Mastani was the dauhter of Maharaja Chhatrasal, the ruler of Bundelkhand, from his Muslim wife. She was skilled in warfare and is known to not only plan military strategies but also accompany her husband Bajirao in the battlefield. In early 18th century, the small state of Bundelkhand was run over by the Mughal army. Maharaja Chhatrasal, the ruler of this small kingdom, was taken prisoner along with his family. The man who came to their rescue was the Maratha prime minister Bajirao. The maharaja planned an escape, joined up with Bajirao (who was busy in war in the neighboring areas) who helped him take back his kingdom. The grateful Maharaja offered his daughter to the already married Bajirao along with a third of his kingdom (Chhabra). As a Hindu himself, religion played a great role in Bajirao’s private and public life but he was so impressed by the beauty and personality of Mastani that he married her despite of her religion. Thus their tale became a symbol of religious tolerance and unity in India. (Mastani, n.d.).
Skilled in horse-riding, spear-throwing and swordsmanship, Mastani used to accompany Bajirao on his military companies along with assisting him in the court activities. In spite of the close relation and strong love between Bajirao and Mastani, the first wife Kashibai treated Mastani with kindness and tolerance. Mastani faced great opposition from Bajirao’s mother and many influential families in his imperial city of Pune. She was imprisoned while Bajirao was out for a military campaign. On his return, Bajirao built a beautiful palace called Mastani Mahal at Kothrud near Pune to separate Mastani from his family (A mute testimony to a colourful age, 2000). A portion of this palace still exists at the Kelkar Museum in Pune as a reminder to this great romance of India. The couple also had a son in 1734 who, when out casted by the Hindu priests of Pune, was brought up as a Muslim and came to be known as Shamsher Bahadur.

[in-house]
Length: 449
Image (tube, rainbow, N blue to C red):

In 1740, Bajirao became ill and died while being away from home and inspecting his lands. Mastani was not permitted to visit him on his deathbed or attend the funeral afterwards. She died shortly after him. Many believe that after Bajirao’s death she just did not have the will to live. Her son Shamsher was taken in by Kashibai who raised him as her own but did not force him her religion. His descendants became the Nawabs of Banda and ruled a large estate. The family still lives in India as a testimony to the love of Mastani and Bajirao.
The tale is a message of religious tolerance to this day. Mastani’s grave is a center of attention and respect for both Hindus and Muslims. Both communities took part in its restoration after some thieves had ruined it some time ago. Hence Bajirao’s Mastani is uniting Hindus and Muslims to this day.